So, after Van Helsing's introduction of the crew, we have, essentially, a film about this crew trapped in a space ship with a vampire lurking about.

I'm a very forgiving viewer when it comes to low budget films. Occasionally, they can be brilliant, see Raimi's first two Evil Dead films. Dracula 3000 had a decent budget, enough for some decent special effects and for the salaries of 3rd stringers like, Van Dien, Erika Eleniak, Coolio, etc. However, unlike, the EVIL DEAD flicks, there is no talent behind the camera. In front of the camera, the talent is marginal, but I'm going to give the actors some benefit of the doubt. It really seems like they don't know what to do. The best actor of the bunch, Alexandra Kamp-Groenveld, gets killed off quickly and the ever-enjoyable Udo Kier is reduced to being an exposition vehicle for the viewer as the deceased captain we hear and see via a video journal. Grant Swandby is also okay as the Professor, but it's hard to take seriously a scientist in the year 3000 who wears glasses and rides a wheel chair. And, yes, it's a WHEEL chair as in there is nothing futuristic about it. As for the rest of the actors, well…….I'm sure Coolio really tried to be scary after getting turned into a vampire, but, well, I don't think irritating qualifies as scary in most people's book. Tiny Lister and Erika Eleniak don't really provide much either. Lister is never really more then the IL' big brawny black stereotype. Eleniak actually appears unhappy throughout the film and never tries very hard. Eleniak is a pretty girl, even in her mid thirties, but looks a little worn out and uninterested for the movie's duration.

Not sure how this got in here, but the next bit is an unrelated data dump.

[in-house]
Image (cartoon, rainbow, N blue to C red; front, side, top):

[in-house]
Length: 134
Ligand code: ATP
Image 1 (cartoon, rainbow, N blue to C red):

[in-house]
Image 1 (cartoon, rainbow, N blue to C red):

This brings us to Count Dracula/Orloff played by Langley Kirkwood. To be honest, I can't recall who exactly the vampire is supposed to be. He introduces himself as Orloff but at some point he acknowledges himself as Count Dracula as well. Go figure. In any case, you will be absolutely astounded by just how lame this vampire is. Have you ever scene those cheesy horror show hosts local networks would have on their creature feature time slots? Yes, it's that bad. Langley Kirkwood, the actor playing Orlock, must have found it almost impossible to concentrate in such a ridiculous outfit. I'm sure he's still getting hassled by his friends.